"Don't Make my Mistake": on the Processing of Narrative Fear Appeals

J.A. Ooms, C.J.M. Jansen, Saar Hommes, J.C.J. Hoeks

Research output: Contribution to journalArticleScientificpeer-review

13 Citations (Scopus)


In this study, we examined the mechanism underlying the processing of narrative fear appeals. Participants (N = 564) read a story about a protagonist dealing with the consequences of cancer (Study 1: testicular cancer; Study 2: breast cancer; Study 3: skin cancer). Path analysis revealed that (1) attitude and behavioral intention toward performing self-exams were directly and positively associated with a form of transportation we identified as attention-focused transportation; (2) this form of transportation was positively associated with four emotions (fear, sadness, surprise, and compassion), whereas identification positively correlated with only one emotion (compassion); and (3) only the emotion of fear was a predictor of intention to perform self-exams. Taken together, these findings suggest that attention-focused transportation is a very important factor in the processing of narrative fear appeals, and that it can even, under some circumstances, replace the persuasive power of fear.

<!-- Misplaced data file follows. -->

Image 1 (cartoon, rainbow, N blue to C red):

Original languageEnglish
Pages (from-to)4924
Number of pages4945
JournalInternational Journal of Communication
Publication statusPublished - 1 Nov 2017
Externally publishedYes


  • Fear appeal; Narrative; Emotion; Attention; Transportation; Identification; Persuasion; Health communication


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